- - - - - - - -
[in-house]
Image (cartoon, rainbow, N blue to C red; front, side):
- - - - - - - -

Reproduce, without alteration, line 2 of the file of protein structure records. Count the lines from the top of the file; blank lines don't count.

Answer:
Image (cartoon, rainbow, N blue to C red; front, side):